, BRUSSELS, May 15 – International donors opened a conference on Mali Wednesday aimed at raising some two billion euros ($2.6 billion), pledging to help all sides in the troubled country avoid the mistakes which led to war and political crisis.
French Foreign Minister Laurent Fabius told the meeting that everyone “had to look at the causes of the crisis” and act accordingly.
Aid granted would be tied to an open and transparent Mali, with political reconciliation a key element in restoring stability to the country and to the wider Sahel region.
“Elections must take place on the date indicated” of July 28, Fabius said, stressing that this was a central condition.
Mali Foreign Minister Tieman Hubert Coulibaly said the crisis “has taught us a lot” and showed that “we need to live and work together” in Mali.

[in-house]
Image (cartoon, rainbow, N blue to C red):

The July polls are seen as essential to restoring democratic rule to Mali after a military coup in 2012 paved the way for Islamist rebels to seize control of the north.
France, Mali’s former colonial power, sent in troops in January to fight the Al-Qaeda-linked rebels who were then advancing on the capital Bamako, pushing them back.
Mali President Dioncounda Traore pledged Tuesday that the July elections would go ahead as planned.
Wednesday’s conference is being co-hosted by the European Union and French President Francois Hollande, with some 100 delegations in all.
European Commission head Jose Manuel Barroso announced Tuesday after meeting Traore that the EU would contribute 520 million euros while diplomatic sources said France would offer some 280 million euros.
The funds targeted at the conference will cover about 45 percent of the costs of a reconstruction plan drawn up for this year and next by Bamako.
EU officials say the war has resulted in some 500,000 refugees, with three quarters of them displaced to the southern part of the country.
Some two million people have no secure food supply while 600,000 children are threatened by malnutrition, with conditions on the ground difficult for providing aid.
Besides humanitarian aid, the EU is training Mali’s ramshackle armed forces to bring them up to standard on both their military role and responsibilities to civil society.